For Wide Area Networks (WAN), typically networking from a remote office (or home) to another office, VPN is known to work, but can be rather clumsy and slow. Services like DropBox are inadequate and will not work. Look into Revit Server or third party products such as Riverbed Steelhead.
For desktops, you'll be using an external display, and any modern display will support a high enough resolution for use with Revit. If possible, your display should support at least 1280x1024.
The higher the resolution, the more drawing area you'll have, the better the user experience. Most laptop displays don’t support that high of a resolution. Revit will still run fine, but low resolutions will make it more challenging to see much of your actual drawings. Also keep in mind that smaller displays, particularly on laptops, may be squeezing a lot of pixels into a small area, and that can lead to some pretty tiny text and icons.
While certainly not required for Revit use, having more than one display can offer a productivity boost. Revit has limited multi-display support at this time. You can drag some tool palettes and dialogs out of the Revit application window and onto another display, but you can’t drag drawing views outside of the Revit application window. However, you can stretch your Revit application window across multiple displays, but you'll want to make sure your displays are the same size and resolution.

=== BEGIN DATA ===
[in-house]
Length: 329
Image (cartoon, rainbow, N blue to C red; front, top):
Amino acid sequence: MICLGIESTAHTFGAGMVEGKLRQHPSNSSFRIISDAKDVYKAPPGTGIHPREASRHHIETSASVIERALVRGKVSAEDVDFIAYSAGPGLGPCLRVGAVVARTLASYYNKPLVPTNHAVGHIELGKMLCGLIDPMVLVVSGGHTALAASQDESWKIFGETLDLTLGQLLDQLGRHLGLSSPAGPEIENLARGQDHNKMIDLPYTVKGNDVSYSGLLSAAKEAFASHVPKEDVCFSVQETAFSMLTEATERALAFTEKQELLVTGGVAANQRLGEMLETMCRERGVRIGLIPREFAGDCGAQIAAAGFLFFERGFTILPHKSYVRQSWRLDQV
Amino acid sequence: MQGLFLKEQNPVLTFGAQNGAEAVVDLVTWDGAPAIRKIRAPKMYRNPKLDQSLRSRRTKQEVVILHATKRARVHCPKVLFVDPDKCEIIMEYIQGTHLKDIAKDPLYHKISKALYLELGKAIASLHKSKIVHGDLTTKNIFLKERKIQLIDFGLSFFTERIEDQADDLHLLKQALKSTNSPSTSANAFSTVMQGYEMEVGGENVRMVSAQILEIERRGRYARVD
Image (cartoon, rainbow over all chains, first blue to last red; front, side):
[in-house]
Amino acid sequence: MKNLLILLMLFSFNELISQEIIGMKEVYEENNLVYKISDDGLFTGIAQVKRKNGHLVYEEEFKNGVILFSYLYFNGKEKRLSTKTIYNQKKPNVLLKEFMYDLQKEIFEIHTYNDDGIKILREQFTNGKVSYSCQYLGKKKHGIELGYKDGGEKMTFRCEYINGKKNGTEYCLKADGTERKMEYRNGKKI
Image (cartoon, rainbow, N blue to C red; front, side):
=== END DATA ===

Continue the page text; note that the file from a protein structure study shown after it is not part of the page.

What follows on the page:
One other thing to keep in mind is that many displays (especially on laptops) have “glossy” screens. The glossiness can create a lot of reflections that can make it challenging to use in direct light. The glossy displays can look great while watching a movie, but maybe not so great when doing fine line work in Revit. Some users are very sensitive while others aren’t as much.